The commission hopes the U.S. government endorses its "blueprint" and other countries use it to make their own damages calculations, Ratcliffe said. 

When he asked for evidence backing the intelligence community's alleged preference for the natural-origin theory, Ratcliffe said the "vast preponderance" given to him actually opposed it. He believes the CIA, the "most exquisite intelligence agency" in the world, is withholding an origins assessment because of "political considerations and financial considerations."

COVID shows the "scientific arrogance" behind gain-of-function research that makes viruses more transmissible and lethal, assuming that accidents can't happen, former CDC Director Robert Redfield said. The most telling sign for lab-leak is China's contract for a new ventilation system at the Wuhan Institute of Virology months before it acknowledged the outbreak, he said.

While the report says the pandemic "very likely stemmed from a research-related incident in Wuhan, China," commissioners Monday emphasized the debate was irrelevant to their recommendations, which focus on China's response to COVID's emergence.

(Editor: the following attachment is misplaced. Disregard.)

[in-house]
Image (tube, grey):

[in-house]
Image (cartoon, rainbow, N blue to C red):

Their conclusions are based on open-source information and "our own personal knowledge" in the federal government, including intelligence, Ratcliffe said.

He called China's actions "inexcusable" – destroying virus samples, hiding evidence, jailing journalists, silencing scientists and refusing to honor its World Health Organization obligations. Metzl said the CCP "cynically sandbagged" the WHO.

China is "entirely unwilling" to be transparent on matters of public health as the international system requires, said commissioner David Feith, former deputy assistant secretary of state for East Asian and Pacific affairs. It denied the novel virus was communicable between humans going back to fall 2019 and hides early samples and sequences "to this day."

Redfield made one of the few criticisms of U.S policy at Monday's event, saying officials made a mistake by calling COVID "SARS-like" when it's "nothing like" the 2003 outbreak, whose virus had difficulty transmitting between humans.

COVID is the most infectious disease he's ever seen except for measles, Redfield said, and what makes it so transmissible in humans is what makes it so difficult to spread among bats, the supposed source of natural origin: its unusual furin cleavage site.

That's why bird flu is transmitting so poorly among humans in the current livestock outbreak affecting 27 different mammals, according to Redfield, who said he nonetheless believes the next human pandemic will be bird flu.